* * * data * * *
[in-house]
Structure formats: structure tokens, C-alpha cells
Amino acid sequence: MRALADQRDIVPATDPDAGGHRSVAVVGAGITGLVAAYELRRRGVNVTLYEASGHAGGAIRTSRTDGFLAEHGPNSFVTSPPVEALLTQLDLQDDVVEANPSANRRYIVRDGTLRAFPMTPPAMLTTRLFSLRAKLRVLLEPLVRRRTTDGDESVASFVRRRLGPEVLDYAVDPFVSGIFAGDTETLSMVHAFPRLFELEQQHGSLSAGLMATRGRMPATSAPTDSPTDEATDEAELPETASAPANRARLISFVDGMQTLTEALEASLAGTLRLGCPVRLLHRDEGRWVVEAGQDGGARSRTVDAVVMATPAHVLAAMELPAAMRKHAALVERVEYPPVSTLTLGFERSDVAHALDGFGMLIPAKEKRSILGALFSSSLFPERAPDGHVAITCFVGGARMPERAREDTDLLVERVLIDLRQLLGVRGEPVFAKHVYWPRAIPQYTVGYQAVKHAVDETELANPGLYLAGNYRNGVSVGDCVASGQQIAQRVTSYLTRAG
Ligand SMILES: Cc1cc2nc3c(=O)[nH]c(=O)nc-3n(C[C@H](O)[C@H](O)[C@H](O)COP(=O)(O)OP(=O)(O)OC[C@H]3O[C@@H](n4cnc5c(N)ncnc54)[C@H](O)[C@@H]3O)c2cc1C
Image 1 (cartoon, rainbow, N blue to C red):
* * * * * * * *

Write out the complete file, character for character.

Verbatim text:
[in-house]
Structure formats: structure tokens, C-alpha cells
Amino acid sequence: MRALADQRDIVPATDPDAGGHRSVAVVGAGITGLVAAYELRRRGVNVTLYEASGHAGGAIRTSRTDGFLAEHGPNSFVTSPPVEALLTQLDLQDDVVEANPSANRRYIVRDGTLRAFPMTPPAMLTTRLFSLRAKLRVLLEPLVRRRTTDGDESVASFVRRRLGPEVLDYAVDPFVSGIFAGDTETLSMVHAFPRLFELEQQHGSLSAGLMATRGRMPATSAPTDSPTDEATDEAELPETASAPANRARLISFVDGMQTLTEALEASLAGTLRLGCPVRLLHRDEGRWVVEAGQDGGARSRTVDAVVMATPAHVLAAMELPAAMRKHAALVERVEYPPVSTLTLGFERSDVAHALDGFGMLIPAKEKRSILGALFSSSLFPERAPDGHVAITCFVGGARMPERAREDTDLLVERVLIDLRQLLGVRGEPVFAKHVYWPRAIPQYTVGYQAVKHAVDETELANPGLYLAGNYRNGVSVGDCVASGQQIAQRVTSYLTRAG
Ligand SMILES: Cc1cc2nc3c(=O)[nH]c(=O)nc-3n(C[C@H](O)[C@H](O)[C@H](O)COP(=O)(O)OP(=O)(O)OC[C@H]3O[C@@H](n4cnc5c(N)ncnc54)[C@H](O)[C@@H]3O)c2cc1C
Image 1 (cartoon, rainbow, N blue to C red):